When the father creator saw the creature which he had made moving and living, the created image of the eternal (aidios) gods, he rejoiced, and in his joy determined to make the copy still more like the original; and as this was eternal (aidios), he sought to make the universe eternal (???), so far as might be. Now the nature of the ideal being was eternal (aiónios), but to bestow this attribute in its fullness upon a creature was impossible. Wherefore he resolved to have a moving image of eternity (aión), and when he set in order the heaven, he made this image eternal (aiónios) but moving according to number, while eternity (aión) itself rests in unity; and this image we call time (chronos). For there were no days and nights and months and years before the heaven was created, but when he constructed the heaven he created them also. They are all parts of time, and the past and future are created species of time, which we unconsciously but wrongly transfer to the eternal (aidios) essence; for we say that he "was," he "is," he "will be," but the truth is that "is" alone is properly attributed to him, and that "was" and "will be" only to be spoken of becoming in time, for they are motions, but that which is immovably the same cannot become older or younger by time, nor ever did or has become, or hereafter will be, older or younger, nor is subject at all to any of those states which affect moving and sensible things and of which generation is the cause. These are the forms of time, which imitates eternity (aión) and revolves according to a law of number. Moreover, when we say that what has become is become and what becomes is becoming, and that what will become is about to become and that the non-existent is non-existent -- all these are inaccurate modes of expression. But perhaps this whole subject will be more suitably discussed on some other occasion.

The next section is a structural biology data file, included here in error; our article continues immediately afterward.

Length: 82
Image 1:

http://psychclassics.yorku.ca/Plato/Tim ... maeus1.htm (Chapter 7 there)